Plunge in venture capital funding threatens prospects for Gulf startups

Economic uncertainty has many looking to high-wattage events like the Future Investment Initiative in Riyadh and the Cop28 climate conference to stoke investor interest

ABU DHABI, United Arab Emirates – Philip Bahoshy has spent more time than usual in the last few weeks trying to calm Gulf investors, startup founders and government ministers who are alarmed by the slowdown in venture capital funding.

As investment plunged globally in the first half of 2023, the chief executive of Magnitt, a Dubai-based tracker of VC data, finds himself now in a classic example of “don’t shoot the messenger.”

Venture activity in the Middle East and North Africa faced a significant decline year-on-year, posting a total of $1.1 billion in funds raised across 193 deals: a 41% drop in funding and a 64% decline in the number of transactions.

“This is the first time I actually did a road show to meet ministers and our key clients because I wanted to make sure that people understood the data, which is not reflecting positively,” Bahoshy told The Circuit

While the drop mirrors global trends – higher interest rates and fluctuating capital markets are muting investor appetite worldwide – the calendar didn’t help.

The second quarter exhibited a more pronounced slowdown, exacerbated by the holy month of Ramadan and two Muslim Eid holidays that then transitioned to the dog days of summer, both typically less active times for the region, Bahoshy noted.

Three large deals have accounted for more than half of the funds raised so far this year. Saudi Arabia’s gifting company Floward and grocery delivery service Nana raised $156 million and $133 million, respectively, in Series C rounds. Egypt-based e-commerce platform Halan raised $260 million in equity financing.

Late-stage rounds, which were once dominated by international funds, are now being led by regional investors as outside players retrench. 

The number of investors participating in the MENA region’s VC ecosystem fell by 55% – from 353 investors in the first half of 2022 to 159 in the same period this year – according to Magnitt. Only a third came from outside the region.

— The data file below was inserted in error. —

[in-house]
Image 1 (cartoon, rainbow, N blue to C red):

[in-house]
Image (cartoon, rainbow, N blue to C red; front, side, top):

In Israel, which has the world’s highest number of startups per capita, companies raised $3.7 billion in the first six months of 2023, a 68% drop from the same period last year and the lowest amount of technology investment at the midyear point since 2018.

Several years ago, big names like Sequoia Capital, SoftBank, Naspers and Tiger Global were making plays in the region. 

“We [now] see an alarming gap in capital,” Luca Barbi, chief operating officer of STV, an active growth stage VC fund with Saudi founders, told The Circuit

“Those [international] players are not active anymore in the Middle East because the context now is more challenging… and they’re now focusing more on their core markets,” he said, leaving a gap in growth-stage funding.

While there is a healthy pipeline of growth-stage companies, a number of which are reporting $100 million or more in revenues and some approaching break-even, Barbi said there is a shortage of “credible investors supporting them to go further.” 

For much of 2023, a prevailing narrative has been that the greatest fundraising opportunities are in the Gulf. 

Entrepreneurs and investors from the West, including Adam Neumann, Marc Andreessen and Nelson Peltz, have been vocal in their support for the economic transformations underway in Saudi Arabia and the UAE in particular, underpinned by the countries’ sovereign wealth funds. 

But to raise funds in the Gulf now means a certain percentage needs to be reinvested back into those local markets, Bahoshy said, a reality that may be slowing activity. 

“I think that the sovereigns are right at the beginning to say, if you want to come and take our dry powder, the requirements will be that a certain percentage of that needs to be deployed back into our local markets,” Bahoshy said. 

“That is a mandate that many of these people that are coming here aren’t necessarily comfortable with doing yet.”

As the summer wanes, attention will eventually turn to the high-wattage international events being hosted in the region.

Gitex, Dubai’s major technology conference, Riyadh’s Future Investment Initiative and the United Nations COP28 climate conference, hosted by the UAE, are all coming up in the fourth quarter. 

Each offers a chance to revive the narrative that the region is on the move, and stimulate investor appetites. 

“[If] people start deploying later in the year, the picture might change quite rapidly,” Bahoshy said. For now, that appears unlikely. 

Arjun Vir Singh, a financial services consultant who specializes in fintechs with a focus on the Gulf, expected the drop-off in investment to be much worse, with farther reaching impacts. 

“I was expecting greater blood in the street,” he told The Circuit. “At the same time, I don’t know how businesses are staying afloat.”

He predicted an influx in mergers and acquisitions in the months ahead. 

Barbi, of STV, expects more MENA startups to sell shares on the Saudi Exchange. Those that survive this downturn, “will be strong enough to stand alone,” he said.

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